13. Innovations in X-ray-induced electron emission spectroscopy (XIEES)

    SciTech Connect

    Pogrebitsky, K. Ju. Sharkov, M. D.

    2010-06-15

    Currently, a pressing need has arisen for controlling the local atomic and electron structure of materials irrespective of their aggregate state. Efficient approaches to the studies of short-range order are based on phenomena accompanied by interference of secondary electrons excited by primary X-ray radiation. The set of such approaches are commonly referred to as the X-ray absorption fine structure (XAFS) methods. In reality, the XAFS methods are based on the use of synchrotron radiation and applied to structural studies in two modes of measurements, transmission analysis and recording of secondary effects. Only two such effects-specifically, the X-ray fluorescence an d X-ray-induced electron emission effect-are commonly discussed. Access to synchrotron accelerators is problematic for most researchers, so a demand is created for designing laboratory systems that make direct access possible. Since the power of laboratory systems is much lower than that of synchrotrons, it is essential to use much more efficient detectors of secondary electrons. In addition, it is of interest to analyze energy characteristics with a high spatial resolution. Channel multipliers and multichannel boards are incapable of providing such a possibility. For this reason, an improved electron detector has been developed to analyze the photoemission effect in an accelerating field.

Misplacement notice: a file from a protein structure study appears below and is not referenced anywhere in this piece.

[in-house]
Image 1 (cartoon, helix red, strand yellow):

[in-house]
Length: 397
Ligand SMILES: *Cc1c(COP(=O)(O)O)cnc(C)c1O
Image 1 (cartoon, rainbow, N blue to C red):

14. X-ray-induced changes in growth of Mozambique tilapia

    SciTech Connect

    Jana, B.B.; Basu, M.

    1995-01-01

    Early fry (30 d postfertilization) and 7-8-week-old Mozambique tilapias (Tilapia mossambica) were exposed to X rays in dosages of 50, 100, 200, 300, 400 or 500 roentgens and reared in outdoor culture tanks between May 1981 and October 1988. Fish of either sex that were irradiated as fry grew faster than controls at all test X-ray doses. Among fish irradiated at 7-8 weeks, males grew significantly faster, but females grew significantly slower, than controls at all test doses. X-ray-induced changes in growth were dose-dependent: growth rates of fry (both sexes) and of juvenile males rose relative to those of controls with increased radiation dose. The growth increase per unit of radiation dose was higher for fry than for older juveniles. The length-weight regression was steeper for irradiated males than for controls. The average weights of F{sub 1} offspring of irradiated fish were greatly reduced as compared with controls, which suggests the transfer of the detrimental effects of X rays from irradiated parents to their offspring. 39 refs., 3 figs., 3 tabs.

  15. Moral assessment in indirect reciprocity

    PubMed Central

    Sigmund, Karl

    2012-01-01